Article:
- with low-cost transport, where would international astronauts go? -


There are three categories of Earth-to-Moon transport systems:
   - Very expensive - SLS-Orion-Gateway-Lander
   - Very cost-effective - Falcon Heavy-XEUS
   - Ridiculously cost-effective - Starship

Space Launch System (SLS)
The SLS is NASA's Shuttle-derived super heavy lift vehicle (SHLV). It is very expensive both in overall development costs as well as per-flight costs. Yet, it is the most developed, human-rated heavy lift vehicle. Additionally, the SLS would launch the expensive Orion capsule designed for deep space missions and would have to go through the Gateway station around the Moon which would utilize several SLS launches to be set up. If one assumes a per-mission, incremental cost of about $1.5 B each for a crew of two then this would come to about $750 M per seat. At that cost, seven missions from 2020 through 2028 would cost $10.5 B for 12 seats. At those prices, the 12 seats would go mostly to American astronauts and astronauts of about four other nations. This is considerably less than the current partner nations of the International Space Station (ISS).

Falcon Heavy - F9-Dragon - XEUS
The Falcon Heavy (FH) is SpaceX's heavy lift vehicle (HLV). XEUS is United Launch Alliance's cryogenic upper stage modified to be a human-scale lander. We use the XEUS lander as an example of the nearest-term, human-scale lander. Let's also assume that the lander can be reused using propellant derived from the lunar poles as shown in the LCROSS results. The Falcon Heavy cost $135 M to launch the XEUS lander and a large external drop tank. The Falcon 9 - Dragon costs $90 M to launch and would launch the crew to the FH where the crew would transfer to the XEUS crew module. The XEUS would cost about $60 M but with 10 reuses would cost about $8 M per use. Telerobotic surface operations after set-up would cost less than $5 M per refueling of a XEUS. So, the total comes to $228 M. Being very conservative, let's say that this system would cost $500 M per mission. The Dragon can carry a crew of six so the per-seat cost would come to about $80 M per seat.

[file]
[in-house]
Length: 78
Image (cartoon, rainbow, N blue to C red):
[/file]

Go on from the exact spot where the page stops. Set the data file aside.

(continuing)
If SpaceX's Starship become a reality (likely) then it will be a complete game-changer for humanity. Intended to be the first, fully-reusable, orbital-class rocket, the cost would be just the refueling of the rocket. SpaceX estimates that it would cost only about $500 K per seat. The decision makers in Washington DC should pay attention to the development of the Starship and be willing to transition to a public-private program with SpaceX if the Starship shows that it will likely be more cost-effective and about as capable as the SLS (i.e. the moment Starship reaches orbit).

For the sake of this page, we will use the FH-F9-XEUS numbers since this is existing / probable technology whereas the Starship is less certain.

How much would nations be willing to pay for one seat on a mission of lunar exploration? The United States spends only .1% of its GDP each year on civil space. So, let's assume that other countries would be willing to set aside that same, small about of their smaller GDP and that they would be willing to set aside that amount each year for four years to save up for one seat on a mission. This spreadsheet shows the calculations. It turns out that about two-thirds of the 195 countries in the world would be able to afford at least one seat. If one increases the per-seat price to $87M and then shifts the excess income to cover the gap of what the poorer countries could afford towards one seat, then all of the nations would be able to afford to send at least one of their astronauts to the Moon.

Think about it, the United States could really benefit all of the other nations of the world by providing the leadership necessary to open up not only the Moon but the inner solar system to humanity. This is the legacy that is possible in the next few years. However, if we continue down the expensive, SLS approach then, instead of 195 nations being able to go to the Moon, only about five would be able to. The choice is ours to make.

An end-to-end commercial transport system could open the Moon to all nations.

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